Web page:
by Dan Savage
on Wed, Sep 1, 2010 at 1:23 PM
I don't care how many Ken Mehlmans come out of the closet or how little gays and lesbians have to show for helping to elect Barack Obama: I can't see myself voting Republican. Because I'm not—despite what you may have read in Slog's comments threads—a single-issue voter. I care about my rights, of course, but I also give a shit about reproductive rights, climate change, the rights of immigrants, the free exercise of religion (look what this "Ground Zero mosque" bullshit forced me to type!), and I much prefer reality-based solutions to the reality-based problems our nation faces. I suspect I'm not the only gay person who feels this way. So these fears seem way overblown to me...
The notion that the gay rights community would abandon the Obama White House over its unwillingness to fully embrace their legislative priorities may seem absurd to the casual political observer. But the recent embrace of same-sex marriage by prominent conservatives, most notably former RNC Chair Ken Mehlman, has some Democratic operatives concerned.
On Monday, former McCain campaign manager Steve Schmidt argued that there was a "strong conservative case to be made in favor of gay marriage" and that more and more Republicans are dropping their opposition to the cause. Shortly thereafter, a prominent Democratic consultant got in touch with the Huffington Post to make the case that the Obama administration risks losing the gay rights community (or at least depressing their votes) with its tepid embrace of their priorities.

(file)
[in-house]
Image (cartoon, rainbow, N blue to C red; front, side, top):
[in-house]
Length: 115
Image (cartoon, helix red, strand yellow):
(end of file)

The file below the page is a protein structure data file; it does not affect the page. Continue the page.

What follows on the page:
"I think they have been put in a tough place by these conservatives and they should be," the consultant said. "There are a whole group of people who are to the left of them on gay rights. And they are Republicans. It should make them feel uncomfortable."
But honestly... I am a lot less enthused about voting for, and giving money to, Democrats these days. Still going to vote for 'em, just not enthused. Feeling pretty tepid. And I suspect that I'm not alone. Backing way the hell up for a moment...
Here's what happens to the gays and our issues when Republicans win the White House or control Congress: not a whole hell of a lot. There's no progress on our issues under Republicans—all forward momentum ceases—but things don't get appreciably worse.* We have to endure small outrages and insults, put up with slights, and be vigilant about legislative malice, but we don't see a big rollback of previously secured rights. The Bush administration got everything it wanted out of Congress but it didn't get the FMA or a ban on same-sex couples adopting. Eight years of Bush meant no progress at the federal level on our issues—lots of bullshit at the state level in the form of anti-gay marriage amendments (most of them orchestrated by some straight guy named Ken Mehlman)—but no ground lost.